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Wisconsin's response to CWD evaluated
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A herd of white-tailed deer in Wisconsin. DNR officials face scrutiny this week for their handling of the CWD crisis in Wisconsin. (Photo courtesy of Wisconsin DNR)
A panel of national wildlife experts meets in Wisconsin this week. The scientists will judge how successfully the state has dealt with chronic wasting disease. Just over a year ago, the disease was discovered in Wisconsin's wild deer population. The finding triggered a dramatic and controversial response from the Wisconsin Department of Natural Resources.

Rochester, Minn. — In the past 13 months, hunters and sharpshooters have killed tens of thousands of white-tailed deer in Wisconsin. The largest numbers of deer were taken in what's known as the eradication zone, a four-county region in southwestern Wisconsin. That's where chronic wasting disease was first discovered in the state.

But the state's response is prompting criticism. DNR officials and local residents are at odds over what should happen now.

Phil Muehrcke lives on a farm in Iowa County, along the western edge of the eradication zone. He opposes the DNR's strategy for dealing with CWD.

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Image The eradication zone

"I started out in support of the program, as most people did a year ago," says Muehrcke. "But as things transpired, people I think generally in the zone were progressively turned off by the policy. The people felt they weren't being heard. They would go to meetings and all of the decisions were already made."

Muehrcke says many of the DNR's decisions affect day-to-day life in his community. Suddenly the region is a year-round hunting zone. Muehrcke says everyone is cautious about how they enjoy the outdoors. Parents are worried about letting their kids outside. Some are even concerned about their dogs. Muehrcke says neighbors want more input.

All along, the DNR has argued the best way to control the disease is through quick decisive action. Special hunts began last summer. The DNR says that's the best way to control the disease and maintain a healthy deer herd, which is vital for the state's $1 billion hunting industry.

Hunters killed record numbers of deer in the targeted southwestern counties. All told, the DNR has tested close to 40,000 white-tailed deer statewide. It's considered the largest testing of a wildlife species in history.

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Image Researching CWD

So far, close to 200 deer have tested positive for CWD, a fatal disease that makes brain and muscle tissue disintegrate. No one's sure how the disease is transmitted, but scientists have a hunch that body fluids like saliva play a key role.

Now, a panel of six nationally-recognized scientists will review the Wisconsin DNR's action plan. The state has come under fire in the past year by some who say there's still a lot that's unknown about the disease. They say killing thousands of deer is irresponsible.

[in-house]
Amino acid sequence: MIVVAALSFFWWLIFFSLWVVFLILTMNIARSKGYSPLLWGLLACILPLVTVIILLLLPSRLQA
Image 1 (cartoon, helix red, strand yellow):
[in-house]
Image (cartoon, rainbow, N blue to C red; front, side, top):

DNR spokesman Greg Mathews says he hopes his department gets a passing grade. Mathews says it could help to boost public support.

"I think part of it is public relations," says Mathews. "We are bringing people in that are experts from across North America, and we're looking for their stamp of approval. People say we're not operating on a scientific basis, and that's pure hogwash."

A lot of us, not only the DNR but also people who live in the eradication zone, we're really looking for a break because this has been very, very intense.
- Greg Mathews, Wisconsin DNR

In Minnesota, state wildlife officials tested roughly 5,000 deer during an extended fall hunt. So far there's no sign of chronic wasting disease in Minnesota's wild deer. But at least two farmed elk in the state have tested positive for the disease. If CWD does turn up in the wild, Minnesota's DNR would follow a similar approach to Wisconsin.

In South Dakota, the disease has been found in both wild and captive herds, but the state has taken a low-key approach. They prefer to watch and learn. As a result, scientists are extensively tracking animals in Wind Cave National Park.

Wisconsin wildlife officials say battling chronic wasting disease has taken its toll. The DNR's Greg Mathews says he's been yelled at and called names more than once. Now he hopes to sit back and catch his breath.

"A lot of us, not only the DNR but also people who live in the eradication zone, we're really looking for a break because this has been very, very intense," says Mathews.

The break may come this summer. Unlike last summer, the Wisconsin DNR won't host special hunts in the eradication zone.

But there's another controversy brewing. The DNR wants to ban baiting and feeding of deer statewide. It's an unpopular proposition that's put the DNR and its flagging credibility back in the hot seat. A Wisconsin legislative committee will vote on the ban this week.

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